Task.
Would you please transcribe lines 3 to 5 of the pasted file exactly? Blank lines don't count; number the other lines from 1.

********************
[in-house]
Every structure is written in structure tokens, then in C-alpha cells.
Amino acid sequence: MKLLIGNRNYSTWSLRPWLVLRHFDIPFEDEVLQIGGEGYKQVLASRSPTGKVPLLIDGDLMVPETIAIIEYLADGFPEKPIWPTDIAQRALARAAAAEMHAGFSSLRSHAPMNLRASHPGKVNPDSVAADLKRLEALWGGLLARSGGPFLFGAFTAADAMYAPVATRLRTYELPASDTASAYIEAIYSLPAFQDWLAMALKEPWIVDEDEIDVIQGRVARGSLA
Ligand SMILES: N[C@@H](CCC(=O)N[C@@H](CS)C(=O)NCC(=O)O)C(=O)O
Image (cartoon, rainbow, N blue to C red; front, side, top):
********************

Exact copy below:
Amino acid sequence: MKLLIGNRNYSTWSLRPWLVLRHFDIPFEDEVLQIGGEGYKQVLASRSPTGKVPLLIDGDLMVPETIAIIEYLADGFPEKPIWPTDIAQRALARAAAAEMHAGFSSLRSHAPMNLRASHPGKVNPDSVAADLKRLEALWGGLLARSGGPFLFGAFTAADAMYAPVATRLRTYELPASDTASAYIEAIYSLPAFQDWLAMALKEPWIVDEDEIDVIQGRVARGSLA
Ligand SMILES: N[C@@H](CCC(=O)N[C@@H](CS)C(=O)NCC(=O)O)C(=O)O
Image (cartoon, rainbow, N blue to C red; front, side, top):